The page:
The cast divides into several basic types. There are wasted, philandering aristocrats; mid-20th century London gangsters; perpetually underachieving parliamentary candidates; people who were unusually kind to animals, and show-offs and con-men. And necromancers. The humour comes from the fact that most of these people were failures, deluded failures who, oblivious to their shortcomings and filled with self-belief, aimed high and fell far.
There is Frank Evans, "kitchen fitter and Britain's only qualified bullfighter" (one of the book's few success stories), the harmless Charles Waterton, "Catholic country squire and friend of the hedgehog", Joan Flower, "witch" and there are lots of frauds, imposters, pirates and spies. The passage of time means that most of these people are amusing, although with some of them it is hard to laugh because they were such obviously awful people. Some of the people in the book are still alive.
The only real problem with the book is that there isn't a topical index, and indeed the book is simply an ungrouped alphabetical list, which is perfect for finding out new things but you'll have a heck of a time recalling your favourite bits. I ended up sticking my fingers into several pages and using bits of paper. There are topical entries but not enough.
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By Eileen Shaw TOP 1000 REVIEWER on 2 May 2015
Format: Hardcover
A veritable cornucopia of strangeness, this is something you could keep on your bedside table to leaf through in idle moments before sleep. Beware, however, because it could lead to outlandish dreams. It is a record of some of the strangest and most inept people known to man.

Jane Wenham (1642-1730) was the last person in England to be condemned to death for witchcraft. A servant, Ann Thorn, said that she had seen Wenham take on the shape of a talking cat, which urged her to kill herself and produced a knife for that purpose. The elderly wise woman was also accused of causing the girl to run half a mile and jump over a five-bar gate. Among the prosecution witnesses was the Reverend Francis Bragge, a fanatical vicar, who testified that Wenham could not say the Lord’s Prayer, but was able to fly. The jury found her guilty, although Mr Justice Powell observed that there was no law against flying, and then summed up in a way that suggested he expected an acquittal. Nor did he let the matter rest there and he interceded with Queen Anne on Wenham’s behalf. The furore created by the case certainly contributed to the abolition of the death penalty for witches, and the case against Wenham was taken higher and dismissed.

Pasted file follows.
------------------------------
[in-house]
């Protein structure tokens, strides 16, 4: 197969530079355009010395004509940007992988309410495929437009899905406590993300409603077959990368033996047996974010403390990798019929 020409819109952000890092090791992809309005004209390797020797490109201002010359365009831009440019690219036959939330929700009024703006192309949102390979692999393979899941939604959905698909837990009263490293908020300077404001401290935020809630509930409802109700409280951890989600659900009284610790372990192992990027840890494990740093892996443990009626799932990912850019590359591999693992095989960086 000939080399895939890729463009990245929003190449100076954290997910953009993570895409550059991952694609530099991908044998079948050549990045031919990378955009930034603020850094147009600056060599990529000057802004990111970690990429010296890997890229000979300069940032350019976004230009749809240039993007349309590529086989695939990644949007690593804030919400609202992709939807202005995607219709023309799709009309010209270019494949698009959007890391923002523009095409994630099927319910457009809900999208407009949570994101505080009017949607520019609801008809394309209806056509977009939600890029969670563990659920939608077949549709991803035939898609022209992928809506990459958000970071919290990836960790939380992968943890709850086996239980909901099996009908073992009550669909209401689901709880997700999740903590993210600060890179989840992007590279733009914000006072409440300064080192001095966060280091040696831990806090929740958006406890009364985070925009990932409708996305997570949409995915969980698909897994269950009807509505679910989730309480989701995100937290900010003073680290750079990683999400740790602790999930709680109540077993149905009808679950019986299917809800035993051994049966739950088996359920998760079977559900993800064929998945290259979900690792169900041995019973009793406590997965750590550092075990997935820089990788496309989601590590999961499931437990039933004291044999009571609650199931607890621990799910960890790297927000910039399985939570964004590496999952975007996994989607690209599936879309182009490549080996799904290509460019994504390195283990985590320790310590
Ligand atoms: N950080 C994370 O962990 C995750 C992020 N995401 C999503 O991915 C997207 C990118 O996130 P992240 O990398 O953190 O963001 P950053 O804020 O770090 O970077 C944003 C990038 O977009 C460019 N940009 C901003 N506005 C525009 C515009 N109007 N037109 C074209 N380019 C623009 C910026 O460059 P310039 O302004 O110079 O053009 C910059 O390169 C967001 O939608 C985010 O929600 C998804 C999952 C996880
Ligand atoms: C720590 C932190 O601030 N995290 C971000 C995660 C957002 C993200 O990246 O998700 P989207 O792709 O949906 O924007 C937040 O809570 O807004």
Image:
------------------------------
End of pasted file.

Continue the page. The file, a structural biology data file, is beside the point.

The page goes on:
Ida Rubell (1910-1991), a theatrical landlady was tried at Leeds crown court for abducting, killing, plucking and cooking a performing parrot called Arthur, before serving it with rice as the dish of the day. “Arthur was no ordinary performer,” said his owner, George Birch, who had been staying at Miss Rubell’s guest house. “He spoke three languages, ate scrambled eggs and had a small but varied repertoire of love songs.” Miss Rubell admitted that Mr Birch was an excellent guest.
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6 of 7 people found the following review helpful By Sable Unadorned on 14 Feb. 2004
Format: Hardcover
Simply fabulous - pick it up and you're hooked. A wonderful insight into the lives of the infamous, from mass murderers to rock star hellraisers. But more than that - it's the wonderful cross-referencing which really grabs you as you flip through. For instance, I defy anyone not to turn immediately to an entry which is referenced as 'largest collection of bondage pornography in Western Europe - See Edinburgh, Philip Duke of'. See what I mean?
Perfect gift. If you can stand to give it away.
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Format: Hardcover Verified Purchase
I suppose you would have to describe this as a reference book, but it's really even less of a conventional reference book than Brewer's 'Phrase and Fable' Dictionary. You might find yourself looking up the odd person (no pun intended), but the real joy of this book is browsing or opening pages at random and reading about some amazing or terrifying character you have never come across before.

My personal favourite is the outrageously rich Georgian gentleman William Beckford, who travelled around Europe escorted by 24 musicians and once imported a flock of sheep because the view from his window in Portugal wasn't up to his standard. Back in England, he lavished his fortune building a vast Gothic house, but the 300 foot tower kept collapsing - perhaps because he insisted on keeping the builders paralytically drunk to encourage them to work longer hours.

As well as the entertainment value, William Donaldson throws in lots of illustrative asides and references other characters and books which may be of interest to the reader. It's a serendipitously entertaining ramble of a book, and every time I pick it up I seem to learn something.

A bit of a confession: I've taken to keeping mine in the bathroom to enjoy in those private moments.